Ditte Gantriis’s second solo show at Frutta marked an aesthetic departure from the work the Danish artist showed at the gallery just two years ago. That earlier offeringtitled “Body and Soul”featured oversize woven baskets alongside brightly colored monochromes, evoking a sensation of voluptuousness and abundance. In contrast, the latest show, at the gallery’s recently relocated space in Rome’s Trastevere neighborhood, brought together works made of materials including wrought iron, glass, and candles to conjure an altogether darker feeling. This transition is a tribute to the artist’s ability to identify diverse populist trends in mainstream design and translate them to a contemporary art context.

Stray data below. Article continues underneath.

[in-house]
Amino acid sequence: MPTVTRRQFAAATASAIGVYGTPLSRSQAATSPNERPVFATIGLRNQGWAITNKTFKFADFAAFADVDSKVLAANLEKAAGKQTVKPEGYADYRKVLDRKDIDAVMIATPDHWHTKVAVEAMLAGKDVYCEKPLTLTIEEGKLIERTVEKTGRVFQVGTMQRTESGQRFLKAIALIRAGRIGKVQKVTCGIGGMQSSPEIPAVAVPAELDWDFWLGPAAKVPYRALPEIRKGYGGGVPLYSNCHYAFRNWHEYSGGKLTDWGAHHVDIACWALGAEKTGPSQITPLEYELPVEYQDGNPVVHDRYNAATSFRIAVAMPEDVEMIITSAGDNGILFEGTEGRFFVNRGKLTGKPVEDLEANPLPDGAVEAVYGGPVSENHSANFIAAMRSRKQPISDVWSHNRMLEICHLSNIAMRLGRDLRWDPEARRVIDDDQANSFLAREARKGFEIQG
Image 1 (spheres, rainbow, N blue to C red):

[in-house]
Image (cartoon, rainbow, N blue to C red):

Titled “Sexual Feeling,” the show was dominated by a monumental iron candelabra (also called Sexual Feeling and dated 2016, as were all the works on view) measuring nearly
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